Basil Pesto


Sorting and displaying produce may be my true calling. I worked at the farmer's market for three summers and being around all the freshly harvested crops was intoxicating. Sometimes would organize tomatoes in a rainbow from the dark Cherokee purple, through Green Zebra and out to Pink Brandywine. I relished in stacking savoy cabbages into huge piles, turning them so their curly leaves opened up and splayed out towards customers. 

We kept large coolers in the back of the booth during the summer to keep basil out of the hot sun. We were careful to never get the leaves wet or they would get brown nearly immediately. When our big display basket was running low I would open the lid of the cooler and grab an armful of basil bunches, my favorite and most aromatic task.

I heard something recently about the emotional memory wrapped up in smell, and how through cooking we can bring emotions to the table simply through scent (this was in a recent episode of the excellent Netflix documentary Chef's Table). For me, basil immediately jogs memories of summer - grilled corn, deep joy, and warm lazy breezes. Even as gloomy Bay Area summer is upon us, sniffing a fresh bunch of basil transports me away from thick fog to somewhere warmer where the pace is slower.

Maybe this is why I've been making batches of pesto weekly lately - to combat the cold, bright white sky and bring a little of summer into my kitchen. While you can easily whip this stuff up in a food processor, I've been enjoying the scents, time and ritual of pounding pesto with a mortar and pestle. It's enjoyable work, and crushing the leaves into a paste brings those aromas to the forefront.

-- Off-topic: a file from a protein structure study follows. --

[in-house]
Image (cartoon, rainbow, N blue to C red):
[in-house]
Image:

A quick note on storing basil, which tends to wilt quickly. I typically leave it out in a jar of water on my countertop like cut flowers. I trim the stems, making sure not to let any of the leaves get wet, then keep the jar away from direct light. I love the way it makes my kitchen smell and looking at it brings me joy. To help it last even longer, you can loosely tent a plastic bag over the top to create a little greenhouse effect. You best option, though, is to use right away.

Basil Pesto
From The Art of Simple Food by Alice Waters

  • 1 bunch of fresh basil, leaves picked from stem yielding 1 lightly packed cup
  • 1 garlic clove
  • pinch of salt + more to taste
  • 1/4 cup walnuts, lightly toasted (or pinenuts if you can afford them)
  • 1/4 cup of freshly grated parmesan
  • 1/2 cup extra-virgin olive oil

Peel garlic and place in bottom of the mortar and sprinkle with salt. Pound to a paste and then add nuts. Continue to pound until incorporated, then add parmesan. Place mixture in a bowl then roughly chop the basil. Add basil to mortar and pound into a paste. Notice your arm muscle may begin to burn and keep pounding!

Dump the bowl of crushed nuts and cheese back into the mortar and pound together. Once incorporated, slowly stream in olive oil while you continue to pound. Taste and add more salt if it needs it. Toss with pasta, slick on roasted vegetables, dip your bread into it, fold into your omelets, pour over goat cheese, freeze the rest if you make a big batch.